Members of Parliament have expressed dissatisfaction at government’s ill-preparedness in regard to the phased re-opening of schools.
President Yoweri Museveni on Sunday, 20 September 2020 during a televised address to the nation, announced that schools would open on October 15, 2020.
The Members were responding to a statement by the State Minister for Higher Education, Dr John Chrysostom Muyingo on government’s level of readiness to re-open schools, starting with finalists, during plenary on Tuesday, 23 September 2020.
MPs said there are numerous gaps within the education and health sectors which if unattended to, will risk the lives of learners and the quality of education.
For instance, government has issued a requirement for schools to procure temperature guns and have a dedicated health worker to screen learners and teachers for Covid-19, which MPs said is not tenable for government schools because they have not been provided with funds.
“During the lockdown, government schools were told to refund capitation grants since they were not operational but government has not refunded the money. How do you expect, for example, schools to buy temperature guns and other minimum requirements?” asked Hon. Joseph Ssewungu (DP, Kalungu County West).
Legislators are concerned that the yardstick for assessing learners during the forthcoming national examinations will be unfair to those from rural areas who did not access learning materials because they lacked electricity, radios and internet.
“If you go to Kampala schools such as Kabojja Junior, teachers have been teaching online yet there are many rural schools where learners did not receive learning materials. So how will you assess these learners using the same yard stick?” Ssewungu questioned.
Members said that government should have carried out an assessment of home schooling and ascertain if learners were prepared for the national examinations.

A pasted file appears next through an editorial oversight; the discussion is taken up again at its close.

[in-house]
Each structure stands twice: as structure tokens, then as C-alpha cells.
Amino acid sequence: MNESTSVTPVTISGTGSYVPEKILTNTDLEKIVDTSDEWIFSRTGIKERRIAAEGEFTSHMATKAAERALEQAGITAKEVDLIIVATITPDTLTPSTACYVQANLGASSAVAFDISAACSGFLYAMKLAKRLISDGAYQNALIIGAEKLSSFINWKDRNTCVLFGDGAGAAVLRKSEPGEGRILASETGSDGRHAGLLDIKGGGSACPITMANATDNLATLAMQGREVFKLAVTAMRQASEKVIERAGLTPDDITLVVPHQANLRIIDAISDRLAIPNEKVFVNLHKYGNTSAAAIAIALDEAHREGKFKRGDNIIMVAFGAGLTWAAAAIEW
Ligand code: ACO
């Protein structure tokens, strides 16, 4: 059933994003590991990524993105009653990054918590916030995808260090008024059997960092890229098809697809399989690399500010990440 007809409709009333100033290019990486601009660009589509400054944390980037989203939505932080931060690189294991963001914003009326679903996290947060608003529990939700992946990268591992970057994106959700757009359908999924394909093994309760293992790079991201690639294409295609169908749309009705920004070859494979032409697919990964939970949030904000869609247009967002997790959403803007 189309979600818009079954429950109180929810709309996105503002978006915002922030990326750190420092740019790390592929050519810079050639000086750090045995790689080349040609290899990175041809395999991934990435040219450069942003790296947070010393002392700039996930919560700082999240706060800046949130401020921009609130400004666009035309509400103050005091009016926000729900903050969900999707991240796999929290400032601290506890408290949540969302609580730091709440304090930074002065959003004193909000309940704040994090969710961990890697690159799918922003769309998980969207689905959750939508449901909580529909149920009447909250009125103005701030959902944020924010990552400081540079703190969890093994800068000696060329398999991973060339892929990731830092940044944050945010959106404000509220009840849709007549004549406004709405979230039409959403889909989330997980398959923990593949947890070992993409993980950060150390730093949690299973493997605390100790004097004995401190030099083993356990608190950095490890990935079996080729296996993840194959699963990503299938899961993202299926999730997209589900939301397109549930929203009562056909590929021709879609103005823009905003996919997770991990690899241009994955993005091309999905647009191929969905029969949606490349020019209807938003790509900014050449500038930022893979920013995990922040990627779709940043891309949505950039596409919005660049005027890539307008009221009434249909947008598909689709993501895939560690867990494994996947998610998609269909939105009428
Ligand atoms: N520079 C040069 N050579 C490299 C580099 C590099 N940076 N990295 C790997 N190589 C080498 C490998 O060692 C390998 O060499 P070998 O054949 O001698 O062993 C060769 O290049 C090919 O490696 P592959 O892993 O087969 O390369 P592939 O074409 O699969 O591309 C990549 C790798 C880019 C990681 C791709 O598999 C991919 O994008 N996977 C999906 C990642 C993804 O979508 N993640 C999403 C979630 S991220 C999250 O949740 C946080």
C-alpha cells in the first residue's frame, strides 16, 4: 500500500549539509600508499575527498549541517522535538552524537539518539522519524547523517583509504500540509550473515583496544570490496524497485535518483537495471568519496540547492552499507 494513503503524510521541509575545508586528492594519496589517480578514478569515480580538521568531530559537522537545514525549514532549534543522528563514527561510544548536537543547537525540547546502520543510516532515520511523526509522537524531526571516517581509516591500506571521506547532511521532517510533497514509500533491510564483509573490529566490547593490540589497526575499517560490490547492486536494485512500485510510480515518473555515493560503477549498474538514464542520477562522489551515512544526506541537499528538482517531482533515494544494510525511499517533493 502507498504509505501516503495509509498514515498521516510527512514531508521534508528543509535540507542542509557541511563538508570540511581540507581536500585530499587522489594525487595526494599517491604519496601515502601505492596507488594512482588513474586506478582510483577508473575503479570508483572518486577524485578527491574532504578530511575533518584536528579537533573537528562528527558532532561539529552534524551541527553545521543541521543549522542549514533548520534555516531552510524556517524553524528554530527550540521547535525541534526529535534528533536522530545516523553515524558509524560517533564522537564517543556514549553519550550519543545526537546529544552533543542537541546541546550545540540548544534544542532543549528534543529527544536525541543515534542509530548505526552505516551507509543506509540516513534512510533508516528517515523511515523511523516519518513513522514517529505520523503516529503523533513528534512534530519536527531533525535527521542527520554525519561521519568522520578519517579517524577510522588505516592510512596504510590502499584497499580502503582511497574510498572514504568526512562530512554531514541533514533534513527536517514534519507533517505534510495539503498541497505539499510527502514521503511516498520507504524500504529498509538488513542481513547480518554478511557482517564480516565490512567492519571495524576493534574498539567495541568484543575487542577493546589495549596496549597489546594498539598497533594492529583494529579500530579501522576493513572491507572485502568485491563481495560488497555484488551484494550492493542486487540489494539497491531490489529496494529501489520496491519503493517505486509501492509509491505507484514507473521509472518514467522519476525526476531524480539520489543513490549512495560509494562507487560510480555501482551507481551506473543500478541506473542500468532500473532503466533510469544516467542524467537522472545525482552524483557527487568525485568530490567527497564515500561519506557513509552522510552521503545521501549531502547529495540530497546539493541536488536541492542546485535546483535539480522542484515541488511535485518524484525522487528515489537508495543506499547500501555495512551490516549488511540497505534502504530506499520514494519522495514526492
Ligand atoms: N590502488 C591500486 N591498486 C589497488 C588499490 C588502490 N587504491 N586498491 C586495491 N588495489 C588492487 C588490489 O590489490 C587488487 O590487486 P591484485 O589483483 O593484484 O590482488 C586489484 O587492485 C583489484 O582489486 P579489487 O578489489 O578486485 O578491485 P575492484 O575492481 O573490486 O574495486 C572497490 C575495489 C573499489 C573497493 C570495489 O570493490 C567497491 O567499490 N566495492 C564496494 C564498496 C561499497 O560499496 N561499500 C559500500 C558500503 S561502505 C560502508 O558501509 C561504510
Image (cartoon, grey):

“In one district, learning materials were delivered at a sub-county which did not have electricity and a printing machine. Government must carry out an assessment of how learning materials were distributed and how effective they were,” added Hon. Mathias Mpuuga (DP, Masaka Municipality).
MPs also think that re-opening schools at a time when the Covid-19 pandemic is on the rise countrywide is an unwise decision, worsened by the uncertain plan on the safety of learners and teachers.
“We know that Uganda has entered another phase of Covid-19 where community transmission is on the rise and it is no longer easy to trace contacts. So, if government is proposing that students should go back to school, are we not risking lives of our children?” asked Hon. Kenneth Lubogo (NRM, Bulamogi County).
The financial implication of the Covid-19 pandemic on proprietors of private schools and parents, MPs said, must be of great concern to government as some parents who have been out of business since March may not afford the school fees.
“What is the fate of parents who had already paid school fees? How will schools take care of the funding gaps? Which budget will they use?” asked Mpuuga, adding that, “if government does not address this, then there will be a conflict between teachers and schools.”
Speaker Rebecca Kadaga, who chaired the plenary, said it was wrong for government to re-open schools without thorough consultation with key stakeholders.
“Government failed on masks. It also failed on e-learning. Now you are forcing re-opening without consulting the key stake holders involved,” said Kadaga.
The Speaker deferred the debate to Tuesday, 29 September 2020 and directed the education ministry to address the MP’s concerns and present the country with a sound plan.